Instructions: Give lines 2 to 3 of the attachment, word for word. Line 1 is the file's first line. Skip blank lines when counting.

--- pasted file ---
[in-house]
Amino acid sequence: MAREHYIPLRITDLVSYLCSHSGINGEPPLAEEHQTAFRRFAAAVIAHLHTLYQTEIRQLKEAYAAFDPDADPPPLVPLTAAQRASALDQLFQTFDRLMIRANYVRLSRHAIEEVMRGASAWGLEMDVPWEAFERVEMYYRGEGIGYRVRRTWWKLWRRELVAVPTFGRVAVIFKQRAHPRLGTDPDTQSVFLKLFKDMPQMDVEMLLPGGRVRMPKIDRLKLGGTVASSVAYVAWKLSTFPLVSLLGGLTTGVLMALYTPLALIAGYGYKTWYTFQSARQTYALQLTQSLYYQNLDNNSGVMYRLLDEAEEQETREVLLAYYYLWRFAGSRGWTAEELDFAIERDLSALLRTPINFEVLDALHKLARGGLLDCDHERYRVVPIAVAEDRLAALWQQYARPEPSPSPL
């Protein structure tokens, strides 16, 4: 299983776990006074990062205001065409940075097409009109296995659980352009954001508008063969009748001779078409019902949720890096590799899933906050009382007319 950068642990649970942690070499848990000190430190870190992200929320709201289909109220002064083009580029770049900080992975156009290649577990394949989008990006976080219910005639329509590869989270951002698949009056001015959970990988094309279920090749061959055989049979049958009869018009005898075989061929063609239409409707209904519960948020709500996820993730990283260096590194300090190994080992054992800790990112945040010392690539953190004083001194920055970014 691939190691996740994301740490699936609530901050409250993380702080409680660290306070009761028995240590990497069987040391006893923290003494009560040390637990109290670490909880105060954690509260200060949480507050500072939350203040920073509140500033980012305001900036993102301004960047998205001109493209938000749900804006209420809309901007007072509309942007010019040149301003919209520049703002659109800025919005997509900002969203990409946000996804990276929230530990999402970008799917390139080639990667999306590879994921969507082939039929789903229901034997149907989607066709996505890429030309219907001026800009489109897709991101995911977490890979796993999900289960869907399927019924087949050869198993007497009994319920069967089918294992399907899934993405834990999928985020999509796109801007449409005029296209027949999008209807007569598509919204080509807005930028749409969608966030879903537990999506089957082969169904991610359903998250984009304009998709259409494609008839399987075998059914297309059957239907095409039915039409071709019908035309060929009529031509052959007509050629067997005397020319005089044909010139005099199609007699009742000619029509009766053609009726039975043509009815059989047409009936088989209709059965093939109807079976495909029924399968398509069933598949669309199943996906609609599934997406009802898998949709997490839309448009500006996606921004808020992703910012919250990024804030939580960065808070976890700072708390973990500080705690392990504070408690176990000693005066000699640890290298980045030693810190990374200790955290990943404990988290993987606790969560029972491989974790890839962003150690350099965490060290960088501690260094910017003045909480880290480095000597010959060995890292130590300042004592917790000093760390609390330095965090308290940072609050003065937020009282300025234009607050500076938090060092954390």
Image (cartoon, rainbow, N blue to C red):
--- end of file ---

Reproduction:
Amino acid sequence: MAREHYIPLRITDLVSYLCSHSGINGEPPLAEEHQTAFRRFAAAVIAHLHTLYQTEIRQLKEAYAAFDPDADPPPLVPLTAAQRASALDQLFQTFDRLMIRANYVRLSRHAIEEVMRGASAWGLEMDVPWEAFERVEMYYRGEGIGYRVRRTWWKLWRRELVAVPTFGRVAVIFKQRAHPRLGTDPDTQSVFLKLFKDMPQMDVEMLLPGGRVRMPKIDRLKLGGTVASSVAYVAWKLSTFPLVSLLGGLTTGVLMALYTPLALIAGYGYKTWYTFQSARQTYALQLTQSLYYQNLDNNSGVMYRLLDEAEEQETREVLLAYYYLWRFAGSRGWTAEELDFAIERDLSALLRTPINFEVLDALHKLARGGLLDCDHERYRVVPIAVAEDRLAALWQQYARPEPSPSPL
């Protein structure tokens, strides 16, 4: 299983776990006074990062205001065409940075097409009109296995659980352009954001508008063969009748001779078409019902949720890096590799899933906050009382007319 950068642990649970942690070499848990000190430190870190992200929320709201289909109220002064083009580029770049900080992975156009290649577990394949989008990006976080219910005639329509590869989270951002698949009056001015959970990988094309279920090749061959055989049979049958009869018009005898075989061929063609239409409707209904519960948020709500996820993730990283260096590194300090190994080992054992800790990112945040010392690539953190004083001194920055970014 691939190691996740994301740490699936609530901050409250993380702080409680660290306070009761028995240590990497069987040391006893923290003494009560040390637990109290670490909880105060954690509260200060949480507050500072939350203040920073509140500033980012305001900036993102301004960047998205001109493209938000749900804006209420809309901007007072509309942007010019040149301003919209520049703002659109800025919005997509900002969203990409946000996804990276929230530990999402970008799917390139080639990667999306590879994921969507082939039929789903229901034997149907989607066709996505890429030309219907001026800009489109897709991101995911977490890979796993999900289960869907399927019924087949050869198993007497009994319920069967089918294992399907899934993405834990999928985020999509796109801007449409005029296209027949999008209807007569598509919204080509807005930028749409969608966030879903537990999506089957082969169904991610359903998250984009304009998709259409494609008839399987075998059914297309059957239907095409039915039409071709019908035309060929009529031509052959007509050629067997005397020319005089044909010139005099199609007699009742000619029509009766053609009726039975043509009815059989047409009936088989209709059965093939109807079976495909029924399968398509069933598949669309199943996906609609599934997406009802898998949709997490839309448009500006996606921004808020992703910012919250990024804030939580960065808070976890700072708390973990500080705690392990504070408690176990000693005066000699640890290298980045030693810190990374200790955290990943404990988290993987606790969560029972491989974790890839962003150690350099965490060290960088501690260094910017003045909480880290480095000597010959060995890292130590300042004592917790000093760390609390330095965090308290940072609050003065937020009282300025234009607050500076938090060092954390």